U.S. NEWS MEDIA GROUP’S 2010-11 BEST HOSPITALS RANKS TGH IN NATION’S TOP 50 IN SIX MEDICAL SPECIALTIESPublished: Nov 1, 2010
By Tampa General Hospital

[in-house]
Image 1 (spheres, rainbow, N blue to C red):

Tampa General Hospital has been ranked as one of the country’s Top 50 hospitals in six medical specialties in U.S. News & World Report's 2010-11 Best Hospitals. The six medical specialties include: Diabetes and Endocrinology, Geriatrics, Heart and Heart Surgery, Kidney Disorders, Orthopedics, and Urology. The rankings are available online at www.usnews.com/besthospitals and featured in the August print issue of U.S.News, available on newsstands July 27. Tampa General first appeared in the national magazine’s rankings of America’s Best Hospitals in 2005 for its orthopedics program. Orthopedics has been listed every year since then. This year’s rankings mark the fourth consecutive year for kidney disorders and urology, and the third consecutive year for heart and heart surgery. Last year the hospital earned Top 50 honors for geriatrics and diabetes. The magazine combined the specialties of endocrinology and diabetes last year. Best Hospitals 2010-11 includes rankings of 152 medical centers nationwide in 16 specialties, including cancer, diabetes and endocrinology, ear, nose, and throat, gastroenterology, geriatrics, gynecology, heart and heart surgery, kidney disorders, neurology and neurosurgery, ophthalmology, orthopedics, psychiatry, pulmonology, rehabilitation, rheumatology, and urology. Full data is available online for another 1,740 hospitals that qualified for ranking but did not score high enough to be ranked. Ron Hytoff, President and CEO of Tampa General, said the rankings are a product of the teamwork that exists between hospital staff, the University of South Florida College of Medicine, and community medical providers. “Quality patient care is a product of this teamwork," Hytoff said. "When you have doctors working hand-in-hand with nurses and other clinical specialists you provide better outcomes for sick patients." The rankings in 12 of the 16 specialties were driven by hard data such as death rates, procedure volume, and balance of nurses and patients. In the four remaining specialties - ophthalmology, psychiatry, rehabilitation, and rheumatology - hospitals were ranked on reputation alone. To be considered in any of the 12 data-driven specialties, a hospital first had to meet at least one of four criteria: It had to be a teaching hospital, or be affiliated with a medical school, or have at least 200 beds, or have 100 or more beds and the availability of four or more types of medical technology considered important in a high-quality medical facility, such as a PET/CT scanner and certain precision radiation therapies. Next, the hospitals had to meet a volume requirement, individually calculated for each specialty. The required volume was the number of Medicare inpatients from 2006 to 2008 who had various specified procedures and conditions in the specialty. A hospital that fell short could still qualify if it had been nominated by at least one physician in any of the U.S. News Best Hospitals reputational surveys conducted in 2008, 2009, and 2010. “When the stakes are high, you want the best care you can get for yourself or someone close to you,” said Health Rankings Editor Avery Comarow. “These hospitals are accustomed to seeing the sickest patients day in and day out.” Tampa General is a 988-bed acute care hospital on the west coast of Florida that serves as the region’s only center for Level 1 trauma care, comprehensive burn care and adult solid organ transplants. It is the primary teaching hospital for the University of South Florida College of Medicine. TGH is also one of 16 comprehensive stroke centers in Florida and is a state-certified spinal cord and head injury rehabilitation center.